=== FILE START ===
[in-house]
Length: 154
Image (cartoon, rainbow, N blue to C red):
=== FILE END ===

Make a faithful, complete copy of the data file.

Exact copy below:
[in-house]
Length: 154
Image (cartoon, rainbow, N blue to C red):